healthy hummus in a bowl

Health benefits of hummus

Made from chickpeas, ground-up sesame seeds, and a whole lotta other good stuff, hummus is a popular dip that originated from the Middle East.

Why do we love hummus? Aside from it being absolutely delicious, hummus is actually pretty good for you too. Packed with nutrients, hummus has been linked to a variety of health benefits, so there’s no need to feel guilty about taking one (or three) last dips.

Here, we explore the health benefits of hummus, as well as its nutritional profile. Enjoy!

Hummus nutritional profile

Hummus contains a variety of nutrients, including but not limited to:1

  • Plant-based protein: provides the building blocks for healthy muscles and tissues. Plant-based protein tends to be lower in calories than its animal-based counterpart, so can help maintain a healthy weight as part of a balanced diet2

  • Fibre: normalises bowel movements and helps maintain a healthy digestive system

  • Calcium: contributes to the maintenance of normal bones

  • Magnesium: plays a role in the body’s energy levels, as well as keeping your bones strong, heart healthy, and blood sugar normal3

  • Iron: contributes to energy yielding metabolism and cognitive function, the immune system, and the regulation of body temperature4

  • Zinc: helps support immune function

The health benefits of hummus

Here are just some of the many health benefits of hummus:5

It may help maintain blood sugar levels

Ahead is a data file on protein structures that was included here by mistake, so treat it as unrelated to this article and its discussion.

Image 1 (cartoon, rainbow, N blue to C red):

The amount of chickpeas featured within hummus links it to maintaining blood sugar levels in the body. Why? Chickpeas have a low glycemic index, which means they are digested slower and then absorbed, causing a slower, more balanced rise in blood sugar levels.

Chickpeas are also rich in protein, antinutrients, and resistant starch, which are all known to slow down the digestion of carbs.6

Naturally free of gluten, nut, and dairy

If you’re allergic to gluten, nut, and/or dairy, you can still enjoy hummus as a delicious dip. It’s naturally free from gluten, nut, and dairy, which means it’s a good choice for people with nut allergies, celiac disease, and/or lactose intolerance.7 However, it’s important to keep in mind that people with irritable bowel syndrome should try not to eat too much hummus. Chickpeas are high in raffinose, which sufferers of this condition are sensitive to.8 For more healthy snacks to enjoy guilt-free, explore the Holland & Barrett selection of tempting savoury snacks.

Last updated: 23 June 2020

Sources
  1. https://www.bbcgoodfood.com/howto/guide/hummus-healthy
  2. https://www.naturespath.com/en-us/blog/benefits-plant-based-protein/
  3. https://www.webmd.com/diet/ss/slideshow-diet-magnesium
  4. https://www.medicalnewstoday.com/articles/287228
  5. https://www.healthline.com/nutrition/is-hummus-healthy#section4
  6. https://pubmed.ncbi.nlm.nih.gov/28976933/
  7. https://www.healthline.com/nutrition/is-hummus-healthy#section7
  8. https://www.ncbi.nlm.nih.gov/pmc/articles/PMC4843040/